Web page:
3) Follow the Fitting Guides – Industry places a significant amount of resources into determining the most successful strategies for selecting the initial diagnostic lenses and then trouble shooting any problems that may arise. There may be the temptation to veer from the guides, but this will often lead a practitioner and patient off of the path of fitting success. Many manufacturers include fitting guides in product literature and/or post them online.

4) Demonstrate Success Immediately – I will initially let the contact lenses settle anywhere from 10 to 20 minutes and then demonstrate success. The way I do this is, before I measure visual acuity, I will have the patient view their cell phone and ask them if they can see it. Before the appointment they likely could not see their cell phone without their reading glasses and now they can. Another task that I have these patients do is look at a computer screen in the exam room that is about 16 to 20 inches away from them. The immediate success that patients will have creates a positive experience with the lenses. I will then measure visual acuities and over-refract using trial lenses.

5) Follow up questions – When patients come in for their follow up visits after 1 to 2 weeks, make sure to ask them what they are satisfied with and what they wish they could improve about their vision. This is an opportunity for the practitioner to re-educate the patient on the benefits and limitations of multifocals. Additionally, this will allow the practitioner and patient to work together to determine whether the powers in the contact lenses could be modified to better meet their needs.

By following these 5 steps you are certain to improve your multifocal fitting success.

Dr. Brujic graduated from the New England College of Optometry. He is currently a partner of a successful four location optometric practice in Northwest Ohio. He practices full scope optometry with special interest in contact lenses and ocular disease management of the anterior segment and glaucoma. He publishes a monthly column in Review of Cornea and Contact Lens and has written in numerous other optometric publications. He is active at all levels of organized optometry.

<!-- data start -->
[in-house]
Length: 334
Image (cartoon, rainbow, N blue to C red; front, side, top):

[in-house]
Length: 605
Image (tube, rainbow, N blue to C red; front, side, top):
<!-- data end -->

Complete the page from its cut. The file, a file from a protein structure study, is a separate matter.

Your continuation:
For more information on fitting multifocal contacts, please click here.

Strategies to Improve Your Multifocal Success

Posted by CooperVision on Monday, June 13, 2011
Did you miss last week's free multifocal webinar, hosted by Mark Andre, FAAO in conjunction with ODWire.org? Log in or register to access the recorded version, including a sneak peak of Biofinity Multifocal, CooperVision's premium silicone hydrogel multifocal lens, launching in June!

Practitioners: Log In or Register to view this post.

Free Multifocal Webinar

Posted by CooperVision on Friday, June 3, 2011
Join us on Wednesday, June 8th at 9:00 PM EST for a free webinar in partnership with ODWire.org. Hosted by Mark Andre, FAAO, Change Your View of Multifocal Lenses: Strategies to Improve Your Multifocal Success and Profitability is an informative look at multifocals and will cover topics like successful recruitment and management of presbyopic patients. Plus, the webinar will offer an early look at Biofinity Multifocal, which will be available later this month. Log In or Register to view the rest of this post.

Practitioners: Log In or Register to view this post.

Change Your View of Multifocals

Posted by Doug Brayer on Wednesday, June 1, 2011
With the launch of Biofinity Multifocal, the newest addition to the Biofinity family of lenses, right around the corner, we're pleased to announce the following events:

Log In or Register to view the upcoming events. We hope you can attend!

Practitioners: Log In or Register to view this post.

What is Presbyopia?

Posted by CooperVision on Thursday, March 31, 2011
In honor of Presybopia Awareness month, which starts tomorrow, we'd like to test your knowledge!  Watch along as Mark Malkoff heads to New York City's Grand Central Station to find out how many people can define presbyopia - how did you do? 

What is Presbyopia?

Presbyopia is a condition that affects those patients over the age of 40 – it’s a natural process that makes it difficult to read small print. The good news is it’s correctable. Be sure to talk to your eye care provider about CooperVision multifocal contact lens options.

Gear Up for Hunting and Shooting Season with Multifocal Contacts

Posted by Jeff Machemer on Tuesday, December 7, 2010

Aside from working in the ophthalmic industry for the past 30 years, I’ve also spent the past 30 years being active in competitive handgun and rifle shooting. Based on my experience in both fields, I’d like to discuss the effects of vision correction and aging on the sport of hunting and shooting.

Whether you’re a competitive target shooter, experienced hunter, or new to either sport, you need the right gear to be successful. You spend time, energy, and money prepping for the season and purchasing new equipment. Why not spend some time reviewing one of your most important pieces of equipment – your eyes. You may be surprised, but a review of your vision may help improve your performance.
 
Optics and Sight:
A younger shooter (under the age of 40) has native vision capabilities, meaning he or she is able to take full advantage of the optics on their firearms. As a shooter gets closer to 40 (the average age for the onset of presbyopia, a natural vision condition in which the eye starts to lose clarity for near images), he or she begins to lose the ability to use the sights or optics of their firearms, due to near vision loss, usually causing a decrease in performance level.